Jasmin Mujanovic, a political scientist specializing in the politics of southeastern Europe, is the author of “Hunger and Fury: The Crisis of Democracy in the Balkans.”
The European Union is on the precipice of a major crisis, one rooted as much in the incompetence of the Brussels establishment as in the cynicism and provincialism of the member states. It is a story of hubris and betrayal, of broken promises and cowardice, a story about the “triumph of the lack of will.”
For the past 16 years, Brussels has been promising the states of the Western Balkans, the continent’s most vulnerable and volatile region, that “the future of the Balkans is in the European Union.” Over the past year, however, Brussels has pivoted sharply and all but completely snuffed out the idea of further enlargement.
As member states embark on the European Parliament elections, enlargement has disappeared from the agenda. In 2018, the European Commission grudgingly floated the idea of 2025 as the next earliest possible date for a new round of enlargement. But in Paris, Emmanuel Macron is explicit: There will be no enlargement, at least not in the foreseeable future. Even in Berlin, long the most outspoken European champion of the Western Balkans, the idea of further E.U. expansion has become politically toxic.
To be clear, no one claimed the remaining non-E.U. states of the region — Bosnia, Montenegro, Serbia, Kosovo, North Macedonia and Albania — were likely candidates for membership in the near future. But the promise of a “European perspective” was an integral part of Brussels’s strategy for keeping the Western Balkans on the path of political and economic reform, and keeping its geopolitical rivals — Russia, China, Turkey and the Persian Gulf monarchies — at bay.
This jarring turn could not come at a worse moment. It was only in January that Skopje and Athens finalized their nearly three-decade-old dispute over the “Macedonian name issue.” That breakthrough came on the back of a dramatic civil-society-led revolution in what is now North Macedonia that toppled a hard-line nationalist-authoritarian regime and nearly plunged the country into renewed civil war.
The Macedonians were led to believe by European diplomats that swallowing this bitter pill — changing the name of their country — would mean an accelerated path to E.U. and NATO membership. The latter appears secured, but even the idea of E.U. membership — the big prize for most ordinary people in the region — is increasingly unlikely.
More simply, the E.U. lied, and governments and peoples across the region are livid.
Member states such as France stress that the region is just not ready for membership in the premier political and economic bloc in the world. But this is not new information. And it is not a plan for countering the growing din of rage and indignation reverberating down the spine of the Balkans.
The apparent success of E.U. integration in the former Warsaw Pact countries offers a tantalizing precedent. Yet the Western Balkans are not the same as Eastern Europe. While Eastern Europe lived through decades of authoritarianism, the continent’s southeast saw both decades of one-party rule and then a series of regional and internal conflicts that resulted in the deaths of approximately 150,000 people between 1991 and 2001.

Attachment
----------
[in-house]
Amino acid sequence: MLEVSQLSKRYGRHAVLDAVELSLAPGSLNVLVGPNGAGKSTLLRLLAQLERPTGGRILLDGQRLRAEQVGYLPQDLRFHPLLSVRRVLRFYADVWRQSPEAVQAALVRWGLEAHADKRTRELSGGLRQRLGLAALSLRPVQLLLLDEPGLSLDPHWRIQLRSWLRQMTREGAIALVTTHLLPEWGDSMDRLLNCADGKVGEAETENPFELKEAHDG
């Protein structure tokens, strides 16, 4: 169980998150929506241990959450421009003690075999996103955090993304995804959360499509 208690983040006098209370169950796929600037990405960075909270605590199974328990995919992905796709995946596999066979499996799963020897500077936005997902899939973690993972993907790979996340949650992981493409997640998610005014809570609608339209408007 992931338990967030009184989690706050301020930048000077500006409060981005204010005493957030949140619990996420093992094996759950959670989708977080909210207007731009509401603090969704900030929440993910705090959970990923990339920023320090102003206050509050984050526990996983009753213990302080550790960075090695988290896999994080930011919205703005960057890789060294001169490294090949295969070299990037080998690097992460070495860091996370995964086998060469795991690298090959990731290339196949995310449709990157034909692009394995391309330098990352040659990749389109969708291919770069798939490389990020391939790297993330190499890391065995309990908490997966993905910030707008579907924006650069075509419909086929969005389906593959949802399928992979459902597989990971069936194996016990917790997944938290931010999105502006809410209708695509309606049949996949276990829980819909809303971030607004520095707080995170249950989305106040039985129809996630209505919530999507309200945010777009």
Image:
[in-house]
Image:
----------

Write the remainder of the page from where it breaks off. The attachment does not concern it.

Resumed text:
In short, the kind of state-building and democracy promotion the Western Balkans needed was granular, patient and sustained. What the region received instead was the E.U.'s accession model: a technically rigorous but politically ineffectual program. This approach allowed post-communist elites from the Baltic to the Adriatic to make cosmetic legislative changes without ever actually dismantling their vast patronage networks, severing their ties to organized crime or tackling corruption in any meaningful sense.
The result has been the worst of all worlds. The old guard in Western Europe says it is disturbed by the alarming democratic backsliding in the continent’s (south)east. But mostly its members fear the rise of a homegrown far right that points to the Balkans as precisely the kind of alien other — thanks to its large indigenous Muslim populations — that must be kept away.
In the region itself, one portion of the illiberal elite establishment is seizing the opportunity to shift allegiances toward new, autocratic patrons in Moscow, Beijing and Ankara. Another set, like Bosnia’s secessionist Serb nationalist strongman Milorad Dodik, is rebooting ’90s-style political adventurism or peddling megalomaniacal partition schemes.
If the Western Balkans genuinely slips away from the Euro-Atlantic community, European leaders will have only themselves to blame. Fully severed from the promise of integration, Balkan politics will quickly become desperate and dangerous — especially for the E.U. itself.
The E.U. can still reverse course. It must formally begin membership negotiations with North Macedonia and Albania and at least grant Bosnia candidate status. That will momentarily stabilize the ship. The big task, however, is creating a sustainable, long-term plan for the region that will entail not only a credible commitment to liberal-democratic norms and practices but also a hard-power deterrent against the likes of Russia.
Simply saying “no” to the Western Balkans might play well with segments of the Europe’s increasingly nativist electorate, but it’s not a strategy. It’s merely a crisis delayed.